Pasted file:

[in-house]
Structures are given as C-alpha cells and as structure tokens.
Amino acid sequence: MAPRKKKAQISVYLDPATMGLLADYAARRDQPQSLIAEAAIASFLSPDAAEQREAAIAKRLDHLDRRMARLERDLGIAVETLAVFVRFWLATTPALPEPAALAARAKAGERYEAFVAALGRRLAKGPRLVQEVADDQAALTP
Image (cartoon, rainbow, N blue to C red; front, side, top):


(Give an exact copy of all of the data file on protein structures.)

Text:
[in-house]
Structures are given as C-alpha cells and as structure tokens.
Amino acid sequence: MAPRKKKAQISVYLDPATMGLLADYAARRDQPQSLIAEAAIASFLSPDAAEQREAAIAKRLDHLDRRMARLERDLGIAVETLAVFVRFWLATTPALPEPAALAARAKAGERYEAFVAALGRRLAKGPRLVQEVADDQAALTP
Image (cartoon, rainbow, N blue to C red; front, side, top):